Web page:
DS: When you see artists like Pete Doherty or Amy Winehouse out on these suicidal binges of drug use, what do you think as a musician? What do you get from what you see them go through in their personal lives and with their music?

NK: It’s difficult. The drugs thing was never important to me, it was the music and expression and the way he delivered his music, and I think there’s a strange kind of romantic delusion in the media, and the music media especially, where they are obsessed with people who have terrible drug problems. I think that’s always been the way, though, since Billie Holiday. The thing that I’m questioning now is that it seems now the celebrity angle means that the lifestyle takes over from the actual music. In the past people who had musical genius, unfortunately their personal lives came into play, but maybe that added a level of romance, which I think is pretty uncool, but, whatever. I think that as long as the lifestyle doesn’t precede the talent and the music, that’s okay, but it always feels uncomfortable for me when people’s music goes really far and if you took away the hysteria and propaganda of it, would the music still stand up? That’s my question. Just for me, I’m just glad I don’t do heavy drugs and I don’t have that kind of problem, thank God. I feel that’s a responsibility you have, to present that there’s a power in integrity and strength and in the lifestyle that comes from self-love and assuredness and positivity. I think there’s a real big place for that, but it doesn’t really get as much of that “Rock n’ Roll” play or whatever.

DS: Is it difficult to come to the United States to play considering all the wars we start?

NK: As an English person I feel equally as responsible for that kind of shit. I think it is a collective consciousness that allows violence and those kinds of things to continue, and I think that our governments should be ashamed of themselves. But at the same time, it’s a responsibility of all of our countries, no matter where you are in the world to promote a peaceful lifestyle and not to consciously allow these conflicts to continue. At the same time, I find it difficult to judge because I think that the world is full of shades of light and dark, from spectrums of pure light and pure darkness, and that’s the way human nature and nature itself has always been. It’s difficult, but it’s just a process, and it’s the big creature that’s the world; humankind is a big creature that is learning all the time. And we have to go through these processes of learning to see what is right.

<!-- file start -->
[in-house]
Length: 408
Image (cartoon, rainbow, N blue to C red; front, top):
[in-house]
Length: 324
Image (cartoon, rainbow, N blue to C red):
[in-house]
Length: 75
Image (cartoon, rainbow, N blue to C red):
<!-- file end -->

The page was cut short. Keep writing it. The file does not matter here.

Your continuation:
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Jul 11 2018

News briefs:May 26, 2006

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The time is 17:00 (UTC) on May 26th, 2006, and this is Audio Wikinews News Briefs.

Contents

  • 1 Headlines
    • 1.1 Shots fired on Capitol Hill
    • 1.2 U.S. Senate passes immigration reform bill
    • 1.3 Melbourne – Adelaide train services disrupted into next week following fatal crash
    • 1.4 Australian troops land in East Timor
    • 1.5 Science minister visits Australia’s newest nuclear reactor, receives nuclear power report
    • 1.6 BitTorrent index sues MPAA
    • 1.7 Hundred million dollar New Zealand drug bust
    • 1.8 Left parties:Don’t let U.S meddle in India’s internal affairs
  • 2 Closing statements

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Jul 11 2018

Wikinews interviews Joe Schriner, Independent U.S. presidential candidate

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Saturday, April 17, 2010

Journalist, counselor, painter, and US 2012 Presidential candidate Joe Schriner of Cleveland, Ohio took some time to discuss his campaign with Wikinews in an interview.

Schriner previously ran for president in 2000, 2004, and 2008, but failed to gain much traction in the races. He announced his candidacy for the 2012 race immediately following the 2008 election. Schriner refers to himself as the “Average Joe” candidate, and advocates a pro-life and pro-environmentalist platform. He has been the subject of numerous newspaper articles, and has published public policy papers exploring solutions to American issues.

Wikinews reporter William Saturn? talks with Schriner and discusses his campaign.